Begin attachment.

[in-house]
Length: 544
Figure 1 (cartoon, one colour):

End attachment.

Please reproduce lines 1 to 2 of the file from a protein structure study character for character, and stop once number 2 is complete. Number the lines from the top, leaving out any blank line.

[in-house]
Length: 544